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Half Of The Spending Cuts In Blunt’s Jobs Plan Aren’t Actually Spending Cuts

Last week, I pointed out that the “jobs plan” proposed by Rep. Roy Blunt (R-MO), who is running for his state’s open Senate seat, includes a provision permanently guaranteeing taxpayer giveaways to the real estate industry, which calls into question Blunt’s commitment to deficit reduction. But that’s not the only part of his plan that proves Blunt is fundamentally disinterested in addressing government spending.

Blunt included in the plan what he has claimed is $2 trillion in spending cuts, which would presumably be used to either reduce the deficit or to fund some of the massive tax cuts that he’s embraced. “In this plan, Roy identified over two trillion dollars in cuts right off the bat that can be taken out of government,” said former Missouri treasurer Sarah Steelman, who has endorsed Blunt’s campaign.

But in what he charitably calls an “accounting error,” the Kansas City Star’s Dave Helling notes that fully one half of Blunt’s spending cuts aren’t actually spending cuts at all:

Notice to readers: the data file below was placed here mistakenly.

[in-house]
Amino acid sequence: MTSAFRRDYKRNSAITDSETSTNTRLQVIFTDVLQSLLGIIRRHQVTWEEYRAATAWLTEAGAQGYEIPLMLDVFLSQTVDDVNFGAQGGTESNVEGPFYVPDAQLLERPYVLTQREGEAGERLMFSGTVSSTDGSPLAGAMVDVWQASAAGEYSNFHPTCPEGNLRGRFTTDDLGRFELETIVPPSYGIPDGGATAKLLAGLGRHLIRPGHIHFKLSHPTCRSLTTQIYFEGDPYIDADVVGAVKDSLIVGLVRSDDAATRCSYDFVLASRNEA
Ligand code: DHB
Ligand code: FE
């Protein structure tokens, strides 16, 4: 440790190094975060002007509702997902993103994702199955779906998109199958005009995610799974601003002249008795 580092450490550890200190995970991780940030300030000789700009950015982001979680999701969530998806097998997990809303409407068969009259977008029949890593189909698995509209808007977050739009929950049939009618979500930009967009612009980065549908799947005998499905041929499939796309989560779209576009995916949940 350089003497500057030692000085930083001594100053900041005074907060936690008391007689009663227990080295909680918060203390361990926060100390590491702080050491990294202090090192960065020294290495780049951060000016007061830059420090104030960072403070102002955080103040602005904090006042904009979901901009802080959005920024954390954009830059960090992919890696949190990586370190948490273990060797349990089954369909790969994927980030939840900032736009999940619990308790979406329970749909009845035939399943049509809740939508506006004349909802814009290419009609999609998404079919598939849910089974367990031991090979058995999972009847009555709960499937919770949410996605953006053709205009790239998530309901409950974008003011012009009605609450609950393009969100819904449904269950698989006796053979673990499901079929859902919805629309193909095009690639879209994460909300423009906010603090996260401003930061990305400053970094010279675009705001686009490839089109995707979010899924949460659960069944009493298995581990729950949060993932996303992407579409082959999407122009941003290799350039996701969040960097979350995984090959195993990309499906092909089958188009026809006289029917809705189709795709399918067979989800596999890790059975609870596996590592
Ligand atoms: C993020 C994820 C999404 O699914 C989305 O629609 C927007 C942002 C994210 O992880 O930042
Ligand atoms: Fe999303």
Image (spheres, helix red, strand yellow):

A look at that plan shows half of those savings — $1 trillion — would come from Blunt’s proposal to repeal the health care reform package…Repealing health care reform would eliminate $1 trillion in spending, but it would also eliminate the $1 trillion in tax and fee increases and Medicare reductions that are in the law as well. The net effect of health care repeal on the federal deficit is, roughly, zero.

Actually, contrary to Helling’s assertion, repealing the Affordable Care Act wouldn’t have zero effect on the deficit: it would actively increase it. According to the Congressional Budget Office, repealing the bill would increase the deficit by $143 billion over the next ten years.

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But the point remains that the only way Blunt’s push for repeal works as a deficit reduction measure is if he plans to keep all of the tax increases and Medicare savings, without actually giving anyone any additional health care.

Plenty of other spending cuts that Blunt suggests are equally ill-informed. He proposes repealing the remaining stimulus funds, including those dedicated to middle class tax cuts. He also says he’d cut an unidentified “wasteful welfare program,” which is presumably the Temporary Assistance for Needy Families Emergency Fund that House Republicans like to cite all the time. But it’s actually a successful work program that is supporting hundreds of thousands of jobs across the country, including 4,600 in Blunt’s own state.

Of course, Blunt is far from the only one who thinks that repealing the Affordable Care Act is a legitimate deficit reduction strategy. For instance, New Hampshire’s Republican Senate candidate, Kelly Ayotte, has made it the centerpiece of her deficit reduction plan.